We used to have layers to our lives, layers people only penetrated after effort and examples of understanding, faith, love and loyalty. Your public face, your face to your relationships and acquaintances, your deeply private face you only showed to a few friends, and maybe the one you only showed to your spouse, or yourself. Now people break up over text, fall in love over Facebook, put tapes of themselves having sex and confessing to homicide on YouTube.

Perhaps it should be called the Too Much Information Superhighway.

Welsey Shaw doesn’t like gadgets either, largely because she’s a prisoner of them, never able to disconnect into freedom. So many people seem to crave this; she does not. (Careful what you ask for is one of the themes of the novel.) She says at one point that if she knew people would be watching her movies on a four-inch screen she would have acted differently in them. Once upon a time there was a difference. Television had one aesthetic, big-screen another, radio another. This has gotten blurred recently and I’m not sure that’s good. Most movies look like TV shows nowadays. And that’s intentional.

Movies, TV shows and even books now believe they have to hook you on the first page or in the first minute or you’ll be distracted. Anything that takes an attention span, even a modest one, is rejected, because they’re afraid a tweet might intrude. Recently Harper Collins held a contest to find their Next Great Novel. The criteria? Submit the first three sentences of your book. They’d judge solely on that. I’m certain consultants told them people only look at three sentences before moving on.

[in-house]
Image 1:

If this is what gadgets do to us—give us the attention-span of a flashcube—then I’m glad I’ve never really be seduced by them. I don’t even have a smartphone. Don’t want one, either.

But I must say, I’m a bigger Bond fan than ever now that it turns out 007 doesn’t like gadgets. What delicious irony! But he always was a bit of a rebel.

More about Mr. Craig’s unconventional thoughts on technology, and the new production he’s starring in of Harold Pinter’s Betrayal—a play that’s all about secrets—here.

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A famous author’s take on our age

The concentration, the focus, the solitude, the silence, all the things that are required for serious reading, are not within people’s reach anymore.  —Philip Roth

I can’t even complain from any point of superiority.  I too am guilty of spending too much time in the frenetic world of the Internet and electronic communications.  Look what I’m doing right now, instead of reading the book I brought along in my bag.

Mr. Roth, author of Portnoy’s Complaint and the new Nemesis, believes the demands of modern technology diminish our ability to appreciate beauty and contemplation. (NOTE ADDED LATER: The link to this article is already gone, which is another unnerving aspect of turning our lives over to the Internet: information often comes and goes about as quickly as our fleeting attention spans. Paper, ironically, turns out to be far more permanent.)

Mind you this complaint about our hurry-up lives is hardly new.  Alexis de Tocqueville discussed the phenomena in the 1830s, and another writer from around the same period, Basil Hall, stated that he was astonished how Americans slurped and gulped their food, never taking their time over meals, conversing very little with those around us.  We have always been in a hurry.